Keywords

Angiogenic pathwayCombined analysisCancer prognosisGene–gene interactionsGenetic susceptibilityProstate cancer

Introduction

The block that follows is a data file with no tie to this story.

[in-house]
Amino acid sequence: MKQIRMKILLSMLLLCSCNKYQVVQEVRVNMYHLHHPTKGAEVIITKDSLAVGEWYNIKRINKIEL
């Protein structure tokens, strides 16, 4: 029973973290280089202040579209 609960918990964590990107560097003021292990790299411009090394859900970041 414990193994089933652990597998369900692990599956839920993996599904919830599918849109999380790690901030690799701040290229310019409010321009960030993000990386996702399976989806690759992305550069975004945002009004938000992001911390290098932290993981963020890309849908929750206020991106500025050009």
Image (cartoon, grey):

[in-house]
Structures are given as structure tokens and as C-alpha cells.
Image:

It is well known that both cancer initiation risk and later neoplastic events (tumor growth, invasion, metastatic spread, response to therapeutic interventions and survival) are strongly affected by factors predetermined by the individual’s genetic background. In many candidate gene approaches of polygenic diseases, including cancer, the effect of each individual SNP is unlikely to be substantial, highlighting the need for a more comprehensive approach for association studies. The low risk conferred by an individual variant is not surprising, given that carcinogenesis is usually a multistep process that occurs through a multifactorial interplay between many genetic and environmental factors. As the modest effects of each single gene may provide a limited practical value in predicting the risk, the pathway-based multigenic approach combining multiple polymorphisms that interact in the same pathway may amplify the effect of individual polymorphisms and enhance the predictive power. In this study, we used prostate cancer as a prototype to examine the combined effects of a panel of polymorphisms in the angiogenic pathway on prostate cancer risk and prognosis and evaluated higher order gene–gene interactions.